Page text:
Investigative Journalism

Every day news found in tabliod and broadsheet papers basically covers stories that the public are already aware about. Investigative Journalism on the other hand is seen 'off diary'. An investigative journalist sets their own agenda that matches the audience of the publication.
An Investigative Journalist is basically awkward, difficult and challenging. They want to defend their position and challenge a particular issue. It is similar to Gonzo Journalism, where the journalist brings their own emotions to provide context to the issue. Documentaries like Supersize Me, with Morgan Spurlock, are basically investigative journalism.

With Investigative Journalism you must avoid
  1. Malice, you can easily damage a company or institution.
  2. Personal avenge 
  3. Conflict of interest
With conflict of interest it may be difficult to involve multiple personal interests that might conflict others. For example the channel 4 anchor, Jon Snow, argues that if he is to wear a poppy it is less likely that he would want to write a story about the military.

All investigations are based on 'serious' issues within public interest.
The defences of public interest test:
  1. Crime
  2. Public safety
  3. Hypocrisy
An example of how investigative journalism is clearly in the public interest is the Thalidomide case. Harry Evans, editor of the Sunday Times turned this case to the insight team. The campaign arguing that the toxic medicine peddled by big drug companies was in fact a dangerous drug given to pregnant women that affected their unborn babies. The insight team gathered all the research and eventually the drug companies admitted that they knew about the issues linked to the drug and the readers of the Sunday Times were compensated.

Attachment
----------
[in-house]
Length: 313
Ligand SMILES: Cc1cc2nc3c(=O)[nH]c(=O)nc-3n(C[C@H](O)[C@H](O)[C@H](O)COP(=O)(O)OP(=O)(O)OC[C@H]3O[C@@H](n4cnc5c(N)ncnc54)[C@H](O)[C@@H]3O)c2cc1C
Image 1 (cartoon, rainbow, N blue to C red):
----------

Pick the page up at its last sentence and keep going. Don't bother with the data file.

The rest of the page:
Miscarriage of Justice

A miscarriage of justice primarily is the conviction of a person for a crime they didn't do.
The 'Birmingham 6' and the 'Guildford 4' are examples of cases where people were proven guilty to a crime they did not commit. The police tortured the offenders to admit to a crime they hadn't committed. This was when the Justice system colluded with the police.
The CCRC- criminal cases review commissions was set up to review the cases of those that claimed they were innocent. Some offenders in prisons believe that they have been wrongly convicted. The CCRC is able to review these cases however it isn't very efficent. Its hard to battle with the Justice System because for somebody to prove they were wrongly convicted would suggest that the Justice system isn't fair. Alongside this there is the INUK, the innocence project. This allows offenders to write to the project to convice them to take up their cases.

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